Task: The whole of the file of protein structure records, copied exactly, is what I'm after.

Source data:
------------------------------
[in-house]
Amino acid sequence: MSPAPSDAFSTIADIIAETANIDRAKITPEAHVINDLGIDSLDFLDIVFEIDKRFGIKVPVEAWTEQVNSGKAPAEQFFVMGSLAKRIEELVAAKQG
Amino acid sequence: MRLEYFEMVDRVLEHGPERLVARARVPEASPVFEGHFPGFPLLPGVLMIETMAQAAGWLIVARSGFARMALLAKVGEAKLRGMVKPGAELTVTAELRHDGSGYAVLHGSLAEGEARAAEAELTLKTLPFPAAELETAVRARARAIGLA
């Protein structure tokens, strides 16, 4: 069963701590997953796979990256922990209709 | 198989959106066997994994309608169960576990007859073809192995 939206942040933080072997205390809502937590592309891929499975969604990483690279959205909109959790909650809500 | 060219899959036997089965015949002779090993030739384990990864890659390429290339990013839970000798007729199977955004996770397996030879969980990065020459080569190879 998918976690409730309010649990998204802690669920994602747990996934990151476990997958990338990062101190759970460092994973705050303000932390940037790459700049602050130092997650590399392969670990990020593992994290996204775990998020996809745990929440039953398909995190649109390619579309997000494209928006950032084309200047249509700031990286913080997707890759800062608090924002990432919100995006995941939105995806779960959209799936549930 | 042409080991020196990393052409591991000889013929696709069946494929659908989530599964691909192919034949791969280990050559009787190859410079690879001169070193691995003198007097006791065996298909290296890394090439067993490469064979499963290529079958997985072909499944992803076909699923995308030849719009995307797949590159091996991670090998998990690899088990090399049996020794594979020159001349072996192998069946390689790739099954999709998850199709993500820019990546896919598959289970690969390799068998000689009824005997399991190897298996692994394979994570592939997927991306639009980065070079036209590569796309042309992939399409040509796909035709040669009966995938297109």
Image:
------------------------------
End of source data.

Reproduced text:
[in-house]
Amino acid sequence: MSPAPSDAFSTIADIIAETANIDRAKITPEAHVINDLGIDSLDFLDIVFEIDKRFGIKVPVEAWTEQVNSGKAPAEQFFVMGSLAKRIEELVAAKQG
Amino acid sequence: MRLEYFEMVDRVLEHGPERLVARARVPEASPVFEGHFPGFPLLPGVLMIETMAQAAGWLIVARSGFARMALLAKVGEAKLRGMVKPGAELTVTAELRHDGSGYAVLHGSLAEGEARAAEAELTLKTLPFPAAELETAVRARARAIGLA
């Protein structure tokens, strides 16, 4: 069963701590997953796979990256922990209709 | 198989959106066997994994309608169960576990007859073809192995 939206942040933080072997205390809502937590592309891929499975969604990483690279959205909109959790909650809500 | 060219899959036997089965015949002779090993030739384990990864890659390429290339990013839970000798007729199977955004996770397996030879969980990065020459080569190879 998918976690409730309010649990998204802690669920994602747990996934990151476990997958990338990062101190759970460092994973705050303000932390940037790459700049602050130092997650590399392969670990990020593992994290996204775990998020996809745990929440039953398909995190649109390619579309997000494209928006950032084309200047249509700031990286913080997707890759800062608090924002990432919100995006995941939105995806779960959209799936549930 | 042409080991020196990393052409591991000889013929696709069946494929659908989530599964691909192919034949791969280990050559009787190859410079690879001169070193691995003198007097006791065996298909290296890394090439067993490469064979499963290529079958997985072909499944992803076909699923995308030849719009995307797949590159091996991670090998998990690899088990090399049996020794594979020159001349072996192998069946390689790739099954999709998850199709993500820019990546896919598959289970690969390799068998000689009824005997399991190897298996692994394979994570592939997927991306639009980065070079036209590569796309042309992939399409040509796909035709040669009966995938297109």
Image: